FTCA/Civil Rights Suit against BIA Officers Enforcing N. Cheyenne Tribal Bench Warrant against Non-Indian Dismissed

Here are the materials in the case captioned In re Roberts Litigation (D. Mont.):

33 Federal Motion for Summary J

44 Opposition

45 Federal Reply

54 DCT Order Granting Federal Motion for Summary J

An excerpt:

In order for Roberts’ claim under Bivens to survive, the law must have been sufficiently clear to place a reasonable officer on notice that the Tribal Court acted in complete absence of jurisdiction in issuing the warrants, and that in carrying out the Tribal Court mandate to serve the warrants, reasonable officers would have known they were [8]  engaging in an unlawful act, Existing law permits no such conclusions, notwithstanding Roberts’ contention that the law was clearly established that the Tribal Court lacked criminal jurisdiction over non-Indians under the authority of Oliphant v. Suquamish Indian Tribe, 435 U.S. 191, 98 S. Ct. 1011, 55 L. Ed. 2d 209 (1978) and that the officers had personal knowledge that Roberts was a non-Indian.

Roberts’ argument fails to take into account the Northern Cheyenne Tribal Court’s claim of capacity to exercise jurisdiction over non-Indians by consent. It is not necessary, however, for this Court to decide the question of whether a tribal court may exercise such jurisdiction. Rather, the issue is whether the law was so clearly established at the time of Roberts’ arrests that a reasonable officer would have known that the tribal court was wholly without jurisdiction and that he was engaging in a null and void act. Existing law is not sufficiently clear to warrant that conclusion. The jurisdictional issue remains.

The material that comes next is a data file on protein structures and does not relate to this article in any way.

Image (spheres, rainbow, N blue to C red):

The officers were presented with facially valid warrants, they were charged with the responsibility to execute the warrants, and they had a reasonable basis to believe in the validity of the warrants and in the lawfulness of their actions in executing the warrants. They are entitled to qualified immunity for the personal capacity claims brought against them under the Bivens doctrine.

Judge Cebull’s Mistake, Federal Judicial Nominations, and Tribal Courts

The flap over Judge Cebull’s email is controversial.

But Judge Cebull’s record as a tribal court judge raises a completely different question for me. How many federal court judges previously served as a tribal court judges? Does it help or hurt their nominations?

Sen. Leahy mentioned Judge Cebull’s record as a tribal court judge in passing, and in a positive light. See the hearing testimony in this PDF at page 45, the first page of the document.

Tribal court experience didn’t seem to help Arvo Mikkanen’s nomination, unfortunately.

Does anyone know about other examples?